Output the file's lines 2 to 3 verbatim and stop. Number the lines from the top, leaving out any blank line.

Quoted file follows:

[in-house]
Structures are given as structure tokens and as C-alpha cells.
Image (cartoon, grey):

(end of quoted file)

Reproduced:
Structures are given as structure tokens and as C-alpha cells.
Image (cartoon, grey):